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integrated headset or not(18 posts)

integrated headset or notsingletrack
Sep 24, 2002 1:24 PM
I'm going to be buying a new bike this fall to replace
my 96 Lemond. I've ridden several different bikes and narrowed it down to the Trek 5200, Spec. Allez Pro, and
a Litespeed Siena all of which are 2003. I'm leaning towards
the Allez or the Seina because of the compact frame, being
a long time mtn. biker might explain way. The only reason
I'm still considering the 5200 is the traditional headset, the Allez and the Seina both have integrated which scares
me. Is this thing a fad, should I be be worried about frame
wear around the head tube or will it constantly give me problems.
I think the idea sucks!MrCelloBoy
Sep 24, 2002 1:35 PM
It's helpful to the bicycle companies, not the end user.
Standart design headsets have more advantages than disadvantages IMO.
Rivendell's founder, Grant Peterson, will rant for days on the stupidity of the integrated design.
re: integrated headset or notjimPz
Sep 24, 2002 1:42 PM
I'd base my decision on the bike as a whole, I don't think the headset type is much of an issue at all, especially on a road bike. On moderate to high end road bike, the intergrated head sets seem to mostly be either CaneCreek or Campy, both good company's. I've has a Pinarello Prince with an intergrated headset for almost a yesr (6k miles) and haven't had a bit of trouble.
I know there's been a lot of 'whta ifs' written up, but these headsets have been around for a couple of years now & with Specialized & Litespeed being behind these frames, I wouldn't have any worries.

I'm still wondering what was wrong with 1" standard headsetsretro
Sep 24, 2002 2:07 PM
I haven't heard of any particular problems with integrated...but I have half a dozen bikes with the old threaded, 1-inch headsets with quill stems, and I haven't had any problems with them, either. One of them is more than 20 years old, and one has been on a mountain bike ridden hard by a 225-pound guy for six years. But I'm still not quite sold on clipless pedals, either...
From Chris King ...Elefantino
Sep 24, 2002 2:12 PM

From Chris King ...Jon Billheimer
Sep 24, 2002 3:09 PM
This is a great piece of information. Thanks.
re: integrated headset or notdesmo
Sep 24, 2002 3:15 PM
this is in no way meant to condem a whole product line, but my local Litespeed dealer just sent his personal Siena back because of an "ovalized" intergrated headset race. probably an isolated occurance but thought it worth passing on.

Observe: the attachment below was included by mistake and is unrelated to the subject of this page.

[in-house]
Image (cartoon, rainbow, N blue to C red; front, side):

re: integrated headset or notIan
Sep 24, 2002 3:25 PM
I probably wouldn't base my decision on the headset, most likely, it will never be an issue.

More importantly, those three bike are all going to ride very differently, which one do you like the ride of better?

much ado about nothingsupercorsa
Sep 24, 2002 4:38 PM

integrated headsets are fine, and actually preferable in some instances. if you've got an oversized tubeset aluminum frame the larger headtube the integrated design allows gives you a tremendous increase in weld area, hence a much stronger frame. as far as chris king goes, he's far from neutral on the subject, my thinking is he got caught with his pants down when integrated started to take off, and is now talking smack to cut his losses. don't mistake me, i love king's stuff, a couple of my bikes ride on king hubs, several of 'em have c-k headsets, and yes, they are indeed the best available. as a matter of fact, when i first received my cinelli starlight (columbus 1.125" integrated) i promptly contacted king about their offering bearings for it. got right back to me about what a bad idea it was, etc, etc, etc... then 6 months later c-k starts touting their own version of an integrated headset, go figure. as far as performance goes, no issues whatsoever. i've got both the afore-mentioned startlight and a hardtail (zaskar team) with integrated, and they're both holding up just fine. the starlight cups are replacable, the zaskar cups are machined into the headtube, but it's pretty much a non issue in my book. it's not like the bearings are working directly on the aluminum surface, replacable or not. they are cartridge bearings fer christ's sake, thus no different than a aluminum chris king cup with a cartridge bearing pressed into that.